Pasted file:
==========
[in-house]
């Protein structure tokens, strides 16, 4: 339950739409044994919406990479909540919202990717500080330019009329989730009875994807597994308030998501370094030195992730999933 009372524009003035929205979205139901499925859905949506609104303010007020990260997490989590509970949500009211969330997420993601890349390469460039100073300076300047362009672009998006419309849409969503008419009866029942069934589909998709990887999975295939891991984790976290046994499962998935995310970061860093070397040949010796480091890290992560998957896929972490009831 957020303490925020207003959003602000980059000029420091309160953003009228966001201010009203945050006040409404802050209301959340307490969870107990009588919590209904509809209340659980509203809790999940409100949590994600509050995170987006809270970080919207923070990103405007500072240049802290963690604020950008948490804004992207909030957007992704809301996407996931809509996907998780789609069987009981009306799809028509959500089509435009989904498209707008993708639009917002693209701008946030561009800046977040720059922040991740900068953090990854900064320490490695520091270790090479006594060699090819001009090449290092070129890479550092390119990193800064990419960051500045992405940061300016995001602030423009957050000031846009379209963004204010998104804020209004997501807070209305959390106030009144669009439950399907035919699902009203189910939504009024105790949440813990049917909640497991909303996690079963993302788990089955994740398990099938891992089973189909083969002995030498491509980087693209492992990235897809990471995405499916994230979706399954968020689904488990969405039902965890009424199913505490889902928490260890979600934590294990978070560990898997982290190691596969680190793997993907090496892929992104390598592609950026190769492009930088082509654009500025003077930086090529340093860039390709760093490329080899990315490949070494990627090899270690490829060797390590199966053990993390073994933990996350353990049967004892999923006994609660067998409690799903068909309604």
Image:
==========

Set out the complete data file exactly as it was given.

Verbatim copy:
[in-house]
């Protein structure tokens, strides 16, 4: 339950739409044994919406990479909540919202990717500080330019009329989730009875994807597994308030998501370094030195992730999933 009372524009003035929205979205139901499925859905949506609104303010007020990260997490989590509970949500009211969330997420993601890349390469460039100073300076300047362009672009998006419309849409969503008419009866029942069934589909998709990887999975295939891991984790976290046994499962998935995310970061860093070397040949010796480091890290992560998957896929972490009831 957020303490925020207003959003602000980059000029420091309160953003009228966001201010009203945050006040409404802050209301959340307490969870107990009588919590209904509809209340659980509203809790999940409100949590994600509050995170987006809270970080919207923070990103405007500072240049802290963690604020950008948490804004992207909030957007992704809301996407996931809509996907998780789609069987009981009306799809028509959500089509435009989904498209707008993708639009917002693209701008946030561009800046977040720059922040991740900068953090990854900064320490490695520091270790090479006594060699090819001009090449290092070129890479550092390119990193800064990419960051500045992405940061300016995001602030423009957050000031846009379209963004204010998104804020209004997501807070209305959390106030009144669009439950399907035919699902009203189910939504009024105790949440813990049917909640497991909303996690079963993302788990089955994740398990099938891992089973189909083969002995030498491509980087693209492992990235897809990471995405499916994230979706399954968020689904488990969405039902965890009424199913505490889902928490260890979600934590294990978070560990898997982290190691596969680190793997993907090496892929992104390598592609950026190769492009930088082509654009500025003077930086090529340093860039390709760093490329080899990315490949070494990627090899270690490829060797390590199966053990993390073994933990996350353990049967004892999923006994609660067998409690799903068909309604």
Image: